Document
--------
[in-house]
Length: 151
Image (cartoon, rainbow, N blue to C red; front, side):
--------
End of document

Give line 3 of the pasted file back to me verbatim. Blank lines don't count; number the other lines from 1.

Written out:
Image (cartoon, rainbow, N blue to C red; front, side):